In the Data Gravity Index™ 2.0, we study the proliferation of data globally correlated with Gross Domestic Product (GDP). It features over 100 million unique data elements and over one billion calculations across 190+ countries and 500+ metros.
The report is the latest in its series, following the Data Gravity Index Report 1.5. The report predicts the intensity of Data Gravity, giving valuable insights to the enterprise, cloud providers, and network providers as they plan their data capacity strategy.
Learn the Data Gravity implications for:
- Connectivity: Traffic is shifting to multi-directional; public cloud destined to multi-cloud destined.
- Capacity: Data growth and movement explode, demanding new capacity types and hybrid models.
- Communities: Public, private, and hybrid data across edge, core, and cloud participate in connected data communities.
Data Gravity Index™ 2.0 Key Highlights
- Data Gravity’s impact on enterprise
- The evolution of the data economy
- 5 macrotrends influencing Data Gravity
- Data regulation fueling Data Gravity
- Multi-cloud and hybrid cloud adoption
The evolution of the Data Gravity Index™ 2.0
In 2020, Digital Realty published the Data Gravity Index™ 1.5. This report helped inform our customers as they shift their strategies to address complex Hybrid IT challenges underpinned by Data Gravity.
In the Data Gravity Index™ 2.0, we are continuing this mission supported by refined data sets and calculations that correlate Data Gravity with Gross Domestic Product (GDP) growth. This reflects the increased importance of secure data exchange and our global economy shifting from digitally powered to data-powered.
What is Data Gravity?
Data Gravity refers to the idea that data has mass, and as its size and importance grow, it becomes increasingly difficult to move or replicate.
Data Gravity is the attractive force caused by enterprise data creation and exchange, drawing applications, servers, and other data. As data creation and exchange grows, it accelerates exponentially due to this attractive force. In centers of data creation and exchange, this explosion of data can be onerous for legacy servers and applications.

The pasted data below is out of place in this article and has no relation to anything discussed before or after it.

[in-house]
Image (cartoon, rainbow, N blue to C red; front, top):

Data Gravity can cause challenges that can impede the efficiency of data exchange, security, customer experiences, and innovation on a global scale. The Data Gravity Index™ 2.0 measures the impact of global data with GDP.
What is an example of Data Gravity?
A large enterprise storing data with a cloud provider for a long time may face challenges associated with Data Gravity. As data rapidly accumulates and reliance on the provider's tools grows, it becomes difficult and expensive to move to another provider or on-premises, even when those changes are necessary to bring data closer to users or unlock insights from siloed data. The data's integral nature to the organisation's operations results in a significant gravitational pull, making relocation complex without affecting essential applications and services. Read the Data Gravity Index™ 2.0 to understand the effects of enterprise data across public cloud and private data centres.
What is the effect of Data Gravity?
The effect of Data Gravity is that it becomes increasingly challenging to move or relocate large volumes of data due to its weight and integral role in an organisation's operations. This can make it difficult and costly to change cloud providers or move data back on-premises. Read the Data Gravity Index™ 2.0 to understand the effects of enterprise data across public cloud and private data centres.
Who invented Data Gravity?
The term "Data Gravity" was coined by Dave McCrory, Global Head of Insights and Analytics at Digital Realty, in 2010. The concept refers to the notion that data attracts applications and services, similar to how planets attract objects with their gravitational force. Read the Data Gravity Index™ 2.0 to find out our predictions on the intensity of Data Gravity.
How does Data Gravity affect the Enterprise?
Data Gravity, driven by the adoption of emerging technologies, like Artificial Intelligence (AI), increasing data localisation, regulation, and sovereignty needs, creates a significant challenge for the enterprise. By putting data first from both a business and technology standpoint, this segment can profit from the shift to data-driven workflows and address Data Gravity where it is the highest—in major population centres. The Data Gravity Index™ 2.0 provides insight to enterprises on the growth of global data and the impact on GDP.